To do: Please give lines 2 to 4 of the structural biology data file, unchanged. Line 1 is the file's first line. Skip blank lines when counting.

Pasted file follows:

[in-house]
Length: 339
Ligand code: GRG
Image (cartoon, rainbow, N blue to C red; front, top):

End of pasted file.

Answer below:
Length: 339
Ligand code: GRG
Image (cartoon, rainbow, N blue to C red; front, top):